The bank officials and those who ran the bank knew very little because, in part, all they wanted to know was what was happening in terms of the war effort and what was happening in terms of business and profits.

But on the church end, there's no doubt that they had churches, local churches in all of the countries, that were the ground zeros for the killing zones. The local priests who were not in favor of the slaughter still reported back to their bishops what was happening on the ground. That came in daily reports, and they had unfortunately a very clear sense of what was happening early on.

They were just frozen by indecision and fear. They were afraid that if they spoke out, the Nazis might in fact move against Catholics in Germany and even move against the Pope and take him back to Germany as a prisoner. But that fear meant that they abdicated their moral position as the head of the world's largest religion, especially at a time that they continued to make money with the people committing the murder. npr

Thursday, January 29, 2015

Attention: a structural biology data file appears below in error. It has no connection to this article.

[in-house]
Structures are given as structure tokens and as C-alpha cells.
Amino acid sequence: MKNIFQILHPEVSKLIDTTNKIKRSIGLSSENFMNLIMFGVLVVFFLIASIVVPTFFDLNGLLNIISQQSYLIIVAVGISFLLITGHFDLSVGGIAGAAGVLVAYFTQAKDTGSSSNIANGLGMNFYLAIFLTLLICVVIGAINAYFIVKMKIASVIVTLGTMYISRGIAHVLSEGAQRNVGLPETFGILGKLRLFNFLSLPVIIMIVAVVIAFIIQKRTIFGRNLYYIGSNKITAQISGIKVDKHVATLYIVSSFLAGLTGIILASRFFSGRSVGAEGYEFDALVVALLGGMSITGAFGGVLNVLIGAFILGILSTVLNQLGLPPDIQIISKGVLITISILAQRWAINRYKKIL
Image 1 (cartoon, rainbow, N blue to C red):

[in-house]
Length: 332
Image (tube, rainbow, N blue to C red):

6 reasons to sleep naked

Pack away the flannel pajamas: A handful of studies and surveys show sleeping naked could actually be good for you. Six reasons why you should consider it:
  1. You may like your partner more: A 2014 survey of Brits by Cotton USA (which promotes cotton products that likely include both pajamas and sheets) found that 57% of those who slept nude reported being happy in their relationship. That was 9 percentage points more than PJ wearers, followed by 43% of nightie wearers. Onesie wearers—they apparently exist—brought up the rear at 38%, per the Daily Mail.
  2. It could help prevent diabetes: It's a bit of a stretch, but here's the logic: Adults have small amounts of brown fat (aka "good fat") in their bodies, and a 2014 study looked at how bedroom temperature affected the fat.

    The four-month study was small: just five males who slept in rooms heated to 66-, 75-, or 81-degrees. After four weeks spent at the coldest temp, the men had almost twice as much brown fat, and their insulin sensitivity was better, which a researcher says could lower their diabetes risk.